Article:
Faculty Senate focuses on finance

Rachel Abbey

Provost Paul Gaston and President Carol Cartwright addressed prospective budget cuts and an increased emphasis on measures to raise revenue for the university in tight financial times at yesterday’s Faculty Senate meeting.

Cartwright said the university faces a projected $6.5 million budget cut next year to balance the lack of state funding. Even with the anticipated $1.5 million in revenue, the university still faces $5 million in losses, Cartwright said.

The university is still searching for alternate options to increase funds, Cartwright said. Any savings the university finds will be directed at reducing the deficit. The university does not want or accept these cuts and are working toward alternatives.

“There is no doubt that we have our work cut out for us in the next few weeks,” Cartwright said.

Two key issues for the university are enrollment and retention, especially in the undergraduate program, Cartwright said.

Enrollment and retention create both a stronger budget and greater student success, Gaston said. The university needs to invest in programs serving as a big draw to prospective students.

One change being made to better suit student needs is a block scheduling system to begin in Spring 2006, which would prevent class overlap. The system will also aptly use space in the university closer to its full potential.

The system will offer more flexibility in scheduling because it will allow students to take one-, two- and three-day-a-week classes with less overlap, said Roberta Sikula-Schwalm, university registrar.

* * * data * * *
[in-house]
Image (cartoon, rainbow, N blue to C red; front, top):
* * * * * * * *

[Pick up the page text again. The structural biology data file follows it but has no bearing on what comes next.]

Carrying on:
Sikula-Schwalm said she hopes the departments will abide by the block schedules so there are fewer exceptions, less trouble for students trying to plan back-to-back classes and less empty rooms at any given time. Currently, about 30 percent of classes do not meet during the standard block schedule, leaving classrooms unused, she said.

This may cause a change in the days classes are offered, giving more flexibility than the traditional Monday, Wednesday, Friday set-up, Sikula-Schwalm said.

Financial problems are affecting more than just universities. The senate discussed budget cuts in OhioLINK, the Ohio library network.

OhioLINK’s director, Tom Sanville, spoke about the monetary difficulties in state funding the network is facing. This could impact the university because Kent State is the second largest borrower of books in the state, having requested more than 60,000 publications over the past 12 months, Sanville said. This does not include electronic resources.

Contact academics reporter Rachel Abbey at [email protected].